Interested in puzzle games? Then you should probably read our review of The Bridge.
Published on Feb 28, 2013
Ah, puzzle games, the last bastion of the indie developer. When the world consumes itself with one triple-A shooter after another, indies cast aside their Call Of Duty distaste for something a little more lateral.
The problem is if you've played games at all in the past two or three years then chances are you've played every possible iteration of a puzzle game just by virtue of playing games.
Such is the unoriginality of the genre, unfortunately, but that makes The Bridge all the more compelling.
Though its overarching mechanic – namely the ability to rotate the world – has been seen in one form or another throughout gaming's history, its implementation here is fairly unique.
Think Escher style art if it was made into a puzzle game and you'd be surprisingly close to what The Bridge manages.
And much like the artist's inimitable style, The Bridge is capable of just as many mind-breaking, head-scratching, grey-matter-tickling levels of confusion. Again, it's all part and parcel of the game.
The objective is simple: navigate your sketchbook drawn character along floors and across ceilings until you reach the exit door. Sometimes you'll need a key, other times your task is to sensible evade a ball with a gurning face on it.
The art style might look drab and uninspiring, but it adds to the unique tone of the world.
Though the puzzles become harder and the challenges more complex, the underlying mechanic never changes. That's the hallmark of a damn fine puzzle game, where the gamer doesn't need to relearn the tools with each new task.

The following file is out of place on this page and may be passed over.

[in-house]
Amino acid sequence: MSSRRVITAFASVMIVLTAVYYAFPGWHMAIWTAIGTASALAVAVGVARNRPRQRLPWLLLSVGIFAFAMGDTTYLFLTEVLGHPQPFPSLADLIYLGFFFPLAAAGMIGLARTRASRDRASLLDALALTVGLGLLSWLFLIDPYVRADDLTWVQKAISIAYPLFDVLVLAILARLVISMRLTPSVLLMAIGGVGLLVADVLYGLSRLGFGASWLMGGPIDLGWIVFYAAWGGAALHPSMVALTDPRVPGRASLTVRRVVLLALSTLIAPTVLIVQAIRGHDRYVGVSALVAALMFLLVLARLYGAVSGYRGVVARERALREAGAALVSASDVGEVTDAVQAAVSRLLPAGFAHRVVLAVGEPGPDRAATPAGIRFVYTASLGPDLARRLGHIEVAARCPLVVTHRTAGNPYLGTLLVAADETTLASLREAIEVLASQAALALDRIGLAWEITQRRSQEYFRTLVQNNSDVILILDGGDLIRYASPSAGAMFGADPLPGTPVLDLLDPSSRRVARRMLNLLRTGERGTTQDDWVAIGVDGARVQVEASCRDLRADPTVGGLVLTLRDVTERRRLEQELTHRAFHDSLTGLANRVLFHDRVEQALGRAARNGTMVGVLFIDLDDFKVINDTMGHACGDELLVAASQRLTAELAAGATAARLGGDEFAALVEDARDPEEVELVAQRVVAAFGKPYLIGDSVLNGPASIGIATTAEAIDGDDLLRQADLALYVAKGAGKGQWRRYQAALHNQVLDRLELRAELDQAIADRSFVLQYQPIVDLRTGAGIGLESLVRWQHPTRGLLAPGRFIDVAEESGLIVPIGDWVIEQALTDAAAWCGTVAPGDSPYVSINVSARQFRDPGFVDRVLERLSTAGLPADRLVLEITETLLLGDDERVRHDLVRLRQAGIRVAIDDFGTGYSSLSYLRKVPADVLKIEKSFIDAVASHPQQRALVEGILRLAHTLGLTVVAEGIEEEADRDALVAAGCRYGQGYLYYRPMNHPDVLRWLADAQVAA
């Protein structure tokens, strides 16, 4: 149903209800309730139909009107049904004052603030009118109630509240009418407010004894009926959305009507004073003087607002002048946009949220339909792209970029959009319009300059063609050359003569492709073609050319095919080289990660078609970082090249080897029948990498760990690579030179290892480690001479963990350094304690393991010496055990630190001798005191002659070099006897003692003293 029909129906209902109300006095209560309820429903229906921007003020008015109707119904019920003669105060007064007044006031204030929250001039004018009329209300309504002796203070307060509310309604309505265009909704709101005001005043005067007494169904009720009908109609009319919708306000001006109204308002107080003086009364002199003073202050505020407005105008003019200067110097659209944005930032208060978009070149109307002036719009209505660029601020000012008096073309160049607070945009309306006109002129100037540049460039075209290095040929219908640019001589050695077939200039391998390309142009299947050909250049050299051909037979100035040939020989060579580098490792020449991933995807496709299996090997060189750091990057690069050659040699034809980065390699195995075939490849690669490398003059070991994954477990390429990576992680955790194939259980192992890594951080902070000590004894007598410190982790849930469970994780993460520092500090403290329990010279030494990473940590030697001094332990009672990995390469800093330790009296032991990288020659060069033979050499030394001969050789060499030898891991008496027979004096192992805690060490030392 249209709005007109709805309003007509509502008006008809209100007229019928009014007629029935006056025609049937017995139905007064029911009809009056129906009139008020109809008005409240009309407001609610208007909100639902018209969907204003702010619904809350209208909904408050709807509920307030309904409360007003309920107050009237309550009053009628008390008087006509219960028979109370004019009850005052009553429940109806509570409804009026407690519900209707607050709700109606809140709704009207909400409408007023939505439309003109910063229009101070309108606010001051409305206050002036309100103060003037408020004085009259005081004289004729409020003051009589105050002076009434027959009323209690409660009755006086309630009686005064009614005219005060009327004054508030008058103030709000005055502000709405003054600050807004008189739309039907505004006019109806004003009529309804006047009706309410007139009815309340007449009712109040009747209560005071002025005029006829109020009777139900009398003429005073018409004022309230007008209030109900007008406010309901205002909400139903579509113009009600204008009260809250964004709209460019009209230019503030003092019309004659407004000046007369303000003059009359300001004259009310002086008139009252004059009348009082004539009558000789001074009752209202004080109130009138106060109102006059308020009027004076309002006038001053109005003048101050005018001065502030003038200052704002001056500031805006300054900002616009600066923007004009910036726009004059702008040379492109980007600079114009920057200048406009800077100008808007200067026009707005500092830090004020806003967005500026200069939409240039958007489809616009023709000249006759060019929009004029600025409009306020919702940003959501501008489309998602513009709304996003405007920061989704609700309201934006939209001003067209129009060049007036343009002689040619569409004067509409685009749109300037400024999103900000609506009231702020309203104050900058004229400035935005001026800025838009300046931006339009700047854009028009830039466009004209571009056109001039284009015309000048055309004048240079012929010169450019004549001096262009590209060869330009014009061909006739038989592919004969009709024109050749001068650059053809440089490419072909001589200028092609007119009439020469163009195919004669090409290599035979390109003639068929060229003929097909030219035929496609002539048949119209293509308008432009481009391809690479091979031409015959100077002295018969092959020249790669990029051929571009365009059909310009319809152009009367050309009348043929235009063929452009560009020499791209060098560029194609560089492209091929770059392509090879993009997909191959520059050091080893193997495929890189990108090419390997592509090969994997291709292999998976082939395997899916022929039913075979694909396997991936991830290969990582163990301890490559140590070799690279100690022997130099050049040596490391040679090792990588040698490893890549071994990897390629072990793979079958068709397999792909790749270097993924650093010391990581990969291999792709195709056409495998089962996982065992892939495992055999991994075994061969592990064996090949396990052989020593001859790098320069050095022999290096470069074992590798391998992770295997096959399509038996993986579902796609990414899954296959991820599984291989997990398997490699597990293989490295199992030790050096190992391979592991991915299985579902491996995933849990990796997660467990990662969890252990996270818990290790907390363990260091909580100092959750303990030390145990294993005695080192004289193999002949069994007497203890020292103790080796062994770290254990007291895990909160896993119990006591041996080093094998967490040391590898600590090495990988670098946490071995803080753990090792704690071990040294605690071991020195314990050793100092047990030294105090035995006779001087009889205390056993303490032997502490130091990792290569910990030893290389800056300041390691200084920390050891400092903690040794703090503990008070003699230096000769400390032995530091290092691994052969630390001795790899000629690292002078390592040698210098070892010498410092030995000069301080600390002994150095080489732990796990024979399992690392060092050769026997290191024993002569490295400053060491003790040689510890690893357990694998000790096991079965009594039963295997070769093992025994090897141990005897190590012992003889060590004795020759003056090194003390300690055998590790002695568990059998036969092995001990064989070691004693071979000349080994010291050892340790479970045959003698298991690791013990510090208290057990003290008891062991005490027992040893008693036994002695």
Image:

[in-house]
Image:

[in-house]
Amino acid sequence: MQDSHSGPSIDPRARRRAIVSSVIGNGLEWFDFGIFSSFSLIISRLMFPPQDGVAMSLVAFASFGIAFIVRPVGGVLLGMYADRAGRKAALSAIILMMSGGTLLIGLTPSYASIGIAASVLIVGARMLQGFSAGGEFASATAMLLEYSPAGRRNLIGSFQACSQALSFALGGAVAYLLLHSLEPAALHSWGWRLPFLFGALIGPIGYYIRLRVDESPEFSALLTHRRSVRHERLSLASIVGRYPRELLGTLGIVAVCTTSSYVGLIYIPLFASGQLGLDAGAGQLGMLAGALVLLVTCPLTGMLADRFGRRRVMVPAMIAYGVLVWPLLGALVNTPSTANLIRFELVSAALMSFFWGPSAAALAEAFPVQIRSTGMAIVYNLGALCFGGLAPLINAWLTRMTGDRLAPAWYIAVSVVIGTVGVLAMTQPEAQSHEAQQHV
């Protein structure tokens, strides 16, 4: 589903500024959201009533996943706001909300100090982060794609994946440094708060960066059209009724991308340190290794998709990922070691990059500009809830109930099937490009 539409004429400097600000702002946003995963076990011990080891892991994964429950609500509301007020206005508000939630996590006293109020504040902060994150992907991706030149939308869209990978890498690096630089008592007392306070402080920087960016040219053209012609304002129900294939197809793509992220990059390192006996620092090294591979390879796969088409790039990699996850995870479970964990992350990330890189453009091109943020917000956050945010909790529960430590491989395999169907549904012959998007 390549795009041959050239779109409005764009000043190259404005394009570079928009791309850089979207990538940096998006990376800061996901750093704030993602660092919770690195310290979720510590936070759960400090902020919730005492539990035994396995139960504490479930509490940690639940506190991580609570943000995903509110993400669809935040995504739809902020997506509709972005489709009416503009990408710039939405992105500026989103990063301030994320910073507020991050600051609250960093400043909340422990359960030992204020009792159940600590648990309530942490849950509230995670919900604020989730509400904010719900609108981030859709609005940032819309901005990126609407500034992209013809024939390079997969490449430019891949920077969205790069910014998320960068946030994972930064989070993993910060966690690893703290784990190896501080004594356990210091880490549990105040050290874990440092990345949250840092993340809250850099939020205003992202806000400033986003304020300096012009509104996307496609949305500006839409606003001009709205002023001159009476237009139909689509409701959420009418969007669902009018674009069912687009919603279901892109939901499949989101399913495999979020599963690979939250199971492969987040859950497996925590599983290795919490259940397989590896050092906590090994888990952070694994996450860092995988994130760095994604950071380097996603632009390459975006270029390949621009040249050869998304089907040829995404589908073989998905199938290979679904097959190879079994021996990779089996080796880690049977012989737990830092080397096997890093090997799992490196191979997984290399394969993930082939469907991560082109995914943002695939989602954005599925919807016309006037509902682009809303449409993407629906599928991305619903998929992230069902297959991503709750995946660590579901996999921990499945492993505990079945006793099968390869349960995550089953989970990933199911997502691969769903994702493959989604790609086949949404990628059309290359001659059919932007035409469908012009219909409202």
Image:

That's not to say that each level provides the same tasks: each chapter, signalled by a new door in central house, represents a new 'type' of challenge.
Initially this is vortexes, which act as black holes dragging in everything into its centre and never letting go. After that it's inversion – which lets you alter the flow of gravity – and so on.
All the while, the same main mechanics tying the game together remain unaltered – rotate to turn walls into floors and so on.
There's a decent level of challenge and anyone not a fan of puzzle games – or lateral thinking in general – will likely find themselves stuck on later levels.
And truth be told there are a number of times that you might stumble upon the solution, quickly tapping 'W' to enter the exit door before whatever inexplicable mistake had you come across the answer.
It's a curse of many puzzle games that rely so heavily on physics-based challenges, and mercifully this doesn't happen often. The puzzles are – for the most part – logical, and that's all you could really hope for.
It's levels like this that really highlight the Escher inspiration.
It's also worth pointing out that The Bridge is a little short. Though you may find yourself stuck on some of the later levels, you'll still find the games handful of levels completed within three or four hours.
While The Bridge never feels hurried or even lacking – more puzzles could've made the game feeling repetitive – the price of £12 does seem just a little bit too steep for what you actually get.
Still, completing the game unlocks you Mirror World – not to be mistaken with the small room of The Mighty Boosh – that pits you against tougher equivalents of all the puzzles you've previously completed.
This does add a new level of challenge but it is admittedly a little bit of a cheap ploy to creating new content and you likely won't feel compelled to go back and recomplete those puzzles all over again.
8.0 / 10
7.5 / 10
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8.0 / 10
All in all, however, there's enough new – even outside of is sombre atmosphere and unique art style – to make The Bridge an entertaining puzzle game all the same, and is certainly worth considering.